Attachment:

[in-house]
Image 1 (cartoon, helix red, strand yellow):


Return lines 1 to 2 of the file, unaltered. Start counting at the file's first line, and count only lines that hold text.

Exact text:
[in-house]
Image 1 (cartoon, helix red, strand yellow):